Oh god, we've all done that! I'm a bugger for it. Grin

But you have to think on your feet.

Actually, that's crap advice. Hmm what you have to do is to plan. When you know someone is likely to behave a certain way, you plan calmly what you can say to them in the event they start. Say it over and over in your head until when it actually comes to it - it comes naturally and assertively and calmly out of your mouth.

A good starter is the MN classic -

"That sounded very rude. Did you mean it to?"

zest01 · 30/04/2011 19:58

Sorry but I think yabu. You're Mum made a comment and I can see it upset you however it sounds like you over reacted in a big way! What sort of example does your reaction set to your DC and the other LO's that were there?

If your Mum has digs at you, then you need to address it with her, one to one, not explode in public.

My Mum sometimes says thing that annoy me, I think she is a bit too "direct" at times but it sounds like they are there for your DC's and have helped you a lot so just learn to rise above it

Guitargirl · 30/04/2011 20:11

I wouldn't be suprised to see as thread from your brother's girlfriend complaining that her boyfriend's family couldn't keep it together long enough for a trip to McDonald's.

BUT on the other hand I do know the effect of the drip-drip comments as I get those both from my Mum and MIL and it can build up over time and be very hurtful.

Am with the others who say prove her wrong - show her how independent and self-reliant you are, then she will have to eat her words.

blindmelon · 30/04/2011 20:40

I think you should arrange to meet your mum for lunch just the two of you and have an honest chat. It sounds like she is a good grandparent and does a lot for you, despite her insensitive comment. Without wanting to sound morbid, I lost my mum 10 years ago and would love to have her around to argue with.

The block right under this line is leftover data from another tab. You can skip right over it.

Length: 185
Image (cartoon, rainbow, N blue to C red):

heliumballoons · 30/04/2011 23:00

I have remembered a 'dig' my Mother had at me once at a large extended family meal.

I has DS (out of wedlock but engaged) but split when DS was 13 months as Ex cheated. We lived abroad at the time.

My cousin had got engaged and started saying how she couldn't wait to have children after marraige and I said how I'd like more one day. My mum looked straight at me and said 'yes, when your married like x, the way it should be' Shock

I just replied ' I have moved countries with a 2yo, found a home, got a job and started a degree, is that not enough for you?'

First time ever my mum has been speechless until she found her voice and told me not to be so rude Just point out ll your do and have done - she'll look an arse if she keeps trying to run you down.

FWIW My Dsis is now pg with no intentions of marrying her DP of 5 years. Grin

Thruaglassdarkly · 01/05/2011 03:42

In my experience, Mums shoot from the hip, sometimes with little afterthought. When my precious mum was here, I'd just row with her when she said something hurtful and tactless - which was a fair old few times. But I knew she loved me more than anything, just that she had her own opinions that she couldn't quite silence. You know what, it doesn't matter now she's gone. She used to drive me nuts at times, but end of the day, she loved me to the very core and my kids too. She didn't always agree with what I did and often made a disapproving/chewing-a-wasp face, but I'd give anything to have her back now. You need to weigh up whether the disagreements are really worth it. Otherwise, toughen up and shrug the daft things she says off. They're not around forever you know. x